Author Archives: David Gallup

Announcing high-quality stitching for Jump

We announced Jump in 2015 to simplify VR video production from capture to playback. High-quality VR cameras make capture easier, and Jump Assembler makes automated stitching quicker, more accessible and affordable for VR creators. Using sophisticated computer vision algorithms and the computing power of Google's data centers, Jump Assembler creates clean, realistic image stitching resulting in immersive 3D 360 video.

Stitching, then and now

Today, we’re introducing an option in Jump Assembler to use a new, high-quality stitching algorithm based on multi-view stereo. This algorithm produces the same seamless 3D panoramas as our standard algorithm (which will continue to be available), but it leaves fewer artifacts in scenes with complex layers and repeated patterns. It also produces depth maps with much cleaner object boundaries which is useful for VFX.

Let’s first take a look at how our standard algorithm works. It’s based on the concept of optical flow, which matches pixels in one image to those in another. When matched, you can tell how pixels “moved” or “flowed” from one image to the next. And once every pixel is matched, you can interpolate the in-between views by shifting the pixels part of the way. This means that you can “fill in the gaps” between the cameras on the rig, so that, when stitched together, the result is a seamless, coherent 360° panorama.

Optical-flow based view interpolation.gif

Optical-flow based view interpolation
Left: Image from left camera. Center: Images interpolated between cameras. Right: Image from right camera.

Using depth for better stitches

Our new, high-quality stitching algorithm uses multi-view stereo to render the imagery. The big difference? This approach can find matches in several images at the same time. The standard optical flow algorithm only uses one pair of images at a time, even though other cameras on the rig may also see the same objects.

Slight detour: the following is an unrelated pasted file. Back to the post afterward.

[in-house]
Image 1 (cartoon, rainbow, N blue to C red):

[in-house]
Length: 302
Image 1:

Instead, the new, multi-view stereo algorithm computes the depthof each pixel (e.g., the distance to the object at that pixel, a 3D point), and any camera on the rig that sees that 3D point can help to establish it’s depth, making the matching process more reliable.

standard vs high-quality stitching.jpg

Standard quality stitching on the left:Note the artifacts around the right pole. High quality stitching on the right: Artifacts removed by the high quality algorithm.

standard vs high-quality stitching b&w.jpg

Standard quality depth map on the left:Note the blurry edges. High quality depth map on the right:More detail and sharper edges.

The new approach also helps resolve a key challenge for any stitching algorithm: occlusion. That is, handling objects that are visible in one image but not in another. Multi-view stereo stitching is better at dealing with occlusion because if an object is hidden in one image, the algorithm can use an image from any of the surrounding cameras on the rig to determine the correct depth of that point. This helps reduce stitching artifacts and produce depth maps with clean object boundaries.

If you’re a VR filmmaker and want to try this new algorithm for yourself, select “high quality” in the stitching quality dropdown in Jump Manager for your next stitch!